Sleep apnea, as most people think of it, is a family of sleep disorders that are more properly grouped under the heading "sleep disordered breathing."
On occassion children may demonstrate adult symptoms such as:
In children, however, manifestations of sleep deprivation due to any cause, including sleep disordered breathing, is quite different from adults and includes:
With treatment to eliminate sleep apnea, these outcomes
can be reversed and your child can resume his or her
healthy and productive developmental years. Treatment of
sleep apnea also prevents the strain placed on the heart
and lungs by recurrent drops in oxygen and repeated
awakenings during the night, which can result in
hypertension and heart disease.
What types of sleep disordered breathing are seen in children?
The types of sleep disordered breathing most often found in children are:
The frequency of each disorder is dependent on the age of the child.
The only way to reliably distinguish simple snoring from obstructive sleep apnea is to undergo an overnight sleep study in a sleep laboratory. (The size of the tonsils does not distinguish the two.) A sleep study involves a series of "stick on" sensors that detect what stage of sleep your child is in, how well your child is breathing, and how hard your child is working to breathe. Based on the information collected from the sleep study it can be determined if your child has sleep disordered breathing and how severe it is.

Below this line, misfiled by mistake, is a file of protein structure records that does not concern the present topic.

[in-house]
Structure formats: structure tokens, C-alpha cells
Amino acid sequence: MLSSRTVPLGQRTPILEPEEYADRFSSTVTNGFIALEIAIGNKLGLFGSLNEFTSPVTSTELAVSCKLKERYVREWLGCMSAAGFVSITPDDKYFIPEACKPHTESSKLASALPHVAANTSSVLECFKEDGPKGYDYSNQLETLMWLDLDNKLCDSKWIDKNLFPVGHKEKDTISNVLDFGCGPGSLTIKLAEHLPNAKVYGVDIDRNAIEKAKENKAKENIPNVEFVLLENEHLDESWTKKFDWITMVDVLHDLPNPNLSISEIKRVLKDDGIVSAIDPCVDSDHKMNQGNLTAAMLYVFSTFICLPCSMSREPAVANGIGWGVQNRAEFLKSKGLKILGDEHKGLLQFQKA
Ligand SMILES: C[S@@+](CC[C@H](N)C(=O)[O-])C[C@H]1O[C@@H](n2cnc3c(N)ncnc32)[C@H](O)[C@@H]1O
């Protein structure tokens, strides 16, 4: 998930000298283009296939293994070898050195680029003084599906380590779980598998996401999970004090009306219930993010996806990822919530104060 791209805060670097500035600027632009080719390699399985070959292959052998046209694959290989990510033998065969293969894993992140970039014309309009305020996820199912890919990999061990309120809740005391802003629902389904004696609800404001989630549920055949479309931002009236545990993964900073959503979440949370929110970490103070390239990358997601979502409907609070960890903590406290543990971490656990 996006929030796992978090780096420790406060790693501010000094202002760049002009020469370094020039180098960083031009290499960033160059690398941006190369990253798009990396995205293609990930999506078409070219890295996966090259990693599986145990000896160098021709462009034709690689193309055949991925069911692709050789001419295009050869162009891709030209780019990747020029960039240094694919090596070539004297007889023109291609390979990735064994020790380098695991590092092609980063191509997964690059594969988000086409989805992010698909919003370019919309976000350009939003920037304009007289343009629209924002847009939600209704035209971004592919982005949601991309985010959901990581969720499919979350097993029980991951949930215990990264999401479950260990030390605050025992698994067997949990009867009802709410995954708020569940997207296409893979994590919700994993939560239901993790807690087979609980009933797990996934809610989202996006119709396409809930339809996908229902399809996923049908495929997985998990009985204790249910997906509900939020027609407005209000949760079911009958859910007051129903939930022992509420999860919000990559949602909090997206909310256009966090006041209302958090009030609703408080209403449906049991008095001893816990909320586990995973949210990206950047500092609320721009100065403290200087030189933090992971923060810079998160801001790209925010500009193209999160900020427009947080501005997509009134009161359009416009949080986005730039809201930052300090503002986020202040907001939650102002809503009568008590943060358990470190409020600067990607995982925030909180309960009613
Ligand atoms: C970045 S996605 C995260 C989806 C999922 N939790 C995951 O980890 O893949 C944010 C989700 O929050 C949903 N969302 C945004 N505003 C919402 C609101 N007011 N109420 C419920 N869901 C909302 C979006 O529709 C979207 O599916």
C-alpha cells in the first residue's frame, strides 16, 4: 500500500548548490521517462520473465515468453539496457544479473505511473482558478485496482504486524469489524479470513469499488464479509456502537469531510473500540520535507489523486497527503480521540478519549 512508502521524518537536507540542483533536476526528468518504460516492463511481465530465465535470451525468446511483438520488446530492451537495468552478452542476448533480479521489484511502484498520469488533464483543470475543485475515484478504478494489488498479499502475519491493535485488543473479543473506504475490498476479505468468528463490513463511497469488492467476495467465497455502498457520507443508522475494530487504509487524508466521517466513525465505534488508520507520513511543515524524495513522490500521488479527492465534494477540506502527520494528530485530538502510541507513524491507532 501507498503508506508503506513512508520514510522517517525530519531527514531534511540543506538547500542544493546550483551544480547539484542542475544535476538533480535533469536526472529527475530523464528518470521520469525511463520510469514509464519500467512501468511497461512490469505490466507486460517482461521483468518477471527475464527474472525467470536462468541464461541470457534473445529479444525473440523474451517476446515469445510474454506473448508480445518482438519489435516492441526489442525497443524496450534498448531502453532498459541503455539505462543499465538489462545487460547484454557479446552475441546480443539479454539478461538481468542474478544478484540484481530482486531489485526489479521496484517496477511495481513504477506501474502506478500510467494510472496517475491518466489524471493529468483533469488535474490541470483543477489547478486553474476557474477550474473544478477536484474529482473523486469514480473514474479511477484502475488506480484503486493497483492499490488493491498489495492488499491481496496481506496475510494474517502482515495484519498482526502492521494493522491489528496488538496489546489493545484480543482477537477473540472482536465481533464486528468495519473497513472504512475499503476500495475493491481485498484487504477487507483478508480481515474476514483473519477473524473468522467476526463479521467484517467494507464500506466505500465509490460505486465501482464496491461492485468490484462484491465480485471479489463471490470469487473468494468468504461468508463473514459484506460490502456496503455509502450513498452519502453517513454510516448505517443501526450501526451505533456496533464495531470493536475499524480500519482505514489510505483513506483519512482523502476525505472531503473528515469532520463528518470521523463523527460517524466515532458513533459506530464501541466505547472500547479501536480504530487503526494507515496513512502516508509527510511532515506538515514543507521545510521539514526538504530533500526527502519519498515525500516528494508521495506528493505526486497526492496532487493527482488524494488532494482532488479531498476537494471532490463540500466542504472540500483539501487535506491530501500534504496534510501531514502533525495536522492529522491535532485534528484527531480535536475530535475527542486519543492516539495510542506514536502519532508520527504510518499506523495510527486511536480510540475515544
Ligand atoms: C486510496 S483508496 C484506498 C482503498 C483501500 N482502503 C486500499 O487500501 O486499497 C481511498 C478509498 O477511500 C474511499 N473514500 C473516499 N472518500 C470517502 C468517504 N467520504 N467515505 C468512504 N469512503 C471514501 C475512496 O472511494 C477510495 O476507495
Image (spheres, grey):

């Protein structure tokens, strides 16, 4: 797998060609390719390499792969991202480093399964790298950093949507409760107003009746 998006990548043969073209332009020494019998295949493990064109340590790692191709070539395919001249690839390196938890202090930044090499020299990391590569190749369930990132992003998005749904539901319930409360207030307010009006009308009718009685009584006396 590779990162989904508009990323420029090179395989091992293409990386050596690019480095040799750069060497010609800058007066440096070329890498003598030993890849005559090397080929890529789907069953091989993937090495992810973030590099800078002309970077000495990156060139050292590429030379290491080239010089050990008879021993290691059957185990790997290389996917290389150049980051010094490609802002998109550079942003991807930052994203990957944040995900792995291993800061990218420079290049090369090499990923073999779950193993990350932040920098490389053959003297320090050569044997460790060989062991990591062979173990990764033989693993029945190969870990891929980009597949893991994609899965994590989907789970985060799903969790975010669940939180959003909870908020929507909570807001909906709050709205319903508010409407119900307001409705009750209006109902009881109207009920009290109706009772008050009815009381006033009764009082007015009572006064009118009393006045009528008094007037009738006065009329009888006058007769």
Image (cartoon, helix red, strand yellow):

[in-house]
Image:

What should I expect when my child sees a sleep doctor?
You should expect a thorough history and comprehensive physical examination to be performed by a physician specially trained in pediatric sleep medicine at an accredited sleep medicine fellowship program. This evaluation should not only focus on sleep disordered breathing but all sleep related disorders. The visit may involve an in-depth evaluation of your child's upper airway using a small flexible fiber optic endoscope. This is a small tube (about the size of a piece of spaghetti) with a camera and light on the end of it. Specific concerns should be explained and all of your questions should be answered to your satisfaction. If sleep disordered breathing is in question, a follow-up appointment for an overnight sleep study will be arranged. The facility should be "kid friendly" and provide arrangements for one family member to sleep in the same room as your child.